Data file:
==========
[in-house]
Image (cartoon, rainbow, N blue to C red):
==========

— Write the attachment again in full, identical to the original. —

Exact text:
[in-house]
Image (cartoon, rainbow, N blue to C red):